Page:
I don't think of fame or posterity (as Keats so grandly and genuinely did), nor do I care about clarifying experiences for anyone or bettering (other than accidentaly) anyone's state or social relation, nor am I for any particular technical development in the American language simply because I find it necessary. What is happening to me, allowing for lies and exagerations which I try to avoid, goes into my poems. I don't think my experiences are clarified or made beautiful for myself or anyone else; they are just there in whatever form I can find them.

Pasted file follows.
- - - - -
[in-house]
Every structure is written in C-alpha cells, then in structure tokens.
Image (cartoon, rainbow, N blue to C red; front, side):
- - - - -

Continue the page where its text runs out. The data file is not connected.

When I sit down to write a book, I do not say to myself,'I am going to produce a work of art.' I write it because there is some lie I want to expose, some fact to which I want to draw attention, and my initial concern is to get a hearing. But I could not do the work of writing a book, or even a long magazine article, if it were not also an aesthetic experience. Anyone who cares to examine my work will see that even when it is downright propaganda it contains much that a full-time politician would consider irrelevant. I am not able, and I do not want, completely to abandon the world view that I acquired in childhood. So long as I remain alive and well I shall continue to feel strongly about prose style, to love the surface of the earth, and to take pleasure in solid objects and scraps of useless information. It is of no use trying to suppress that side of myself. The job is to reconcile my ingrained likes and dislikes with the essentially public, non-individual activities that this age forces on all of us.